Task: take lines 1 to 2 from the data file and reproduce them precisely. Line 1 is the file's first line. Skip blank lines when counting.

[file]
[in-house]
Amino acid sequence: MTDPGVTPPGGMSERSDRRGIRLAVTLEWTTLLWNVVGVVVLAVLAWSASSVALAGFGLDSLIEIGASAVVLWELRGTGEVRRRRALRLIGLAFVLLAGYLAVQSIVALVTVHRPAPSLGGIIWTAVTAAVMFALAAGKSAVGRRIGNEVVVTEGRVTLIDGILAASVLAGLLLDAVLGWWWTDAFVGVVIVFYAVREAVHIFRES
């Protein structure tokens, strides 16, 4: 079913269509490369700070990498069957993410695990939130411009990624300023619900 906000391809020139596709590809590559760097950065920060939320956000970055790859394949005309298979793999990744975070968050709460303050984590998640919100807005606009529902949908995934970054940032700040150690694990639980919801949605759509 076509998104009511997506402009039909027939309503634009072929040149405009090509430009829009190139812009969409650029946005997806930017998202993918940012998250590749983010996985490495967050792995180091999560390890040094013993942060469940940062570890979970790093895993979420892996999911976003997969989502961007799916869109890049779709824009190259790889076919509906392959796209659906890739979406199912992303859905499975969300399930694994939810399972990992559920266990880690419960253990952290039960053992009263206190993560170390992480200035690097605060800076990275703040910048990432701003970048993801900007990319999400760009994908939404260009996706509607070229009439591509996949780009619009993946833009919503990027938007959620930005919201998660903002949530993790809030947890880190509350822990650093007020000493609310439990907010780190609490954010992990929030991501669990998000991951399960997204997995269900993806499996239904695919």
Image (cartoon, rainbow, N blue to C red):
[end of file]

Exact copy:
[in-house]
Amino acid sequence: MTDPGVTPPGGMSERSDRRGIRLAVTLEWTTLLWNVVGVVVLAVLAWSASSVALAGFGLDSLIEIGASAVVLWELRGTGEVRRRRALRLIGLAFVLLAGYLAVQSIVALVTVHRPAPSLGGIIWTAVTAAVMFALAAGKSAVGRRIGNEVVVTEGRVTLIDGILAASVLAGLLLDAVLGWWWTDAFVGVVIVFYAVREAVHIFRES